Below are quotes from a wool fire barrier suppler to the mattress industry who double talks the issue but admits adding chemicals to the wool to pass the open flame test (A sand based material):

"....utilizes a blend of natural wool and inherently FR viscose fibers. ... potentially eliminating the necessity for secondary “sock” barriers in latex core mattresses. [Yes, Latex burns like crazy and it requires a lot of chemicals in the fire barrier to get it to pass the new open flame test.]
http://www.sleepsafetech.com/news.htm and "the special blend of natural wool and inherent viscose fibers ..." http://www.sleepsafetech.com/products.htm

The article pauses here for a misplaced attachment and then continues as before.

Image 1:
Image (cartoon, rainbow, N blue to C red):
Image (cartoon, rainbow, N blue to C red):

Again, 'inherently fire resistant" fibers contain chemicals, such as Glass, PVDC, Antimony, or Formaldehyde  in the fiber itself. (See CPSC Table of Chemicals in Mattresses)


Unfortunately almost all the organic mattresses strongly tell people they use no chemicals and that their untreated wool passes the test. They also sometimes say the fire proof wool is compressed or densified and this blocks the oxygen and fire. We don’t believe this either. The above wool system where they admit adding chemicals is also densifed or compressed.


The logical questions is that if some organic mattresses have to add chemicals to pass the open flame test, don't they all have to? The answer is Yes!


As you can see in all the proof above everything organic burns, there are no natural, chemical free, or nontoxic mattresses that comply with the federal regulation. They all contain toxic chemicals. Your only choice for a chemical free mattress is by prescription.